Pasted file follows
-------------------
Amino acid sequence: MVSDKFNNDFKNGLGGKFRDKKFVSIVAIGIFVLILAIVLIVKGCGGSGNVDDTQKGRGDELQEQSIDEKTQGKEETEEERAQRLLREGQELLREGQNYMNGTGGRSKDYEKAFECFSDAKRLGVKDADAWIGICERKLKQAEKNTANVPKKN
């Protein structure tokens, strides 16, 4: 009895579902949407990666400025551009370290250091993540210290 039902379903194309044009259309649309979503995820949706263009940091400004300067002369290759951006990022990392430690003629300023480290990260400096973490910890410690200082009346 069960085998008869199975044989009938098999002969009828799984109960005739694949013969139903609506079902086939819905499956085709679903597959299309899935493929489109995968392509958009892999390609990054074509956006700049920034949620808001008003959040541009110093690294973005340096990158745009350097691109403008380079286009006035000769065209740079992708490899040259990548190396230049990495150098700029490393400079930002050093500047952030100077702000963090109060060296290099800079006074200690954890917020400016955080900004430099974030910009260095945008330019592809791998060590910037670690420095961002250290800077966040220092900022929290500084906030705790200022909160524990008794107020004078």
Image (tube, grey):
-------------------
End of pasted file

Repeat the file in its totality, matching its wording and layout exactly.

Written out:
Amino acid sequence: MVSDKFNNDFKNGLGGKFRDKKFVSIVAIGIFVLILAIVLIVKGCGGSGNVDDTQKGRGDELQEQSIDEKTQGKEETEEERAQRLLREGQELLREGQNYMNGTGGRSKDYEKAFECFSDAKRLGVKDADAWIGICERKLKQAEKNTANVPKKN
């Protein structure tokens, strides 16, 4: 009895579902949407990666400025551009370290250091993540210290 039902379903194309044009259309649309979503995820949706263009940091400004300067002369290759951006990022990392430690003629300023480290990260400096973490910890410690200082009346 069960085998008869199975044989009938098999002969009828799984109960005739694949013969139903609506079902086939819905499956085709679903597959299309899935493929489109995968392509958009892999390609990054074509956006700049920034949620808001008003959040541009110093690294973005340096990158745009350097691109403008380079286009006035000769065209740079992708490899040259990548190396230049990495150098700029490393400079930002050093500047952030100077702000963090109060060296290099800079006074200690954890917020400016955080900004430099974030910009260095945008330019592809791998060590910037670690420095961002250290800077966040220092900022929290500084906030705790200022909160524990008794107020004078």
Image (tube, grey):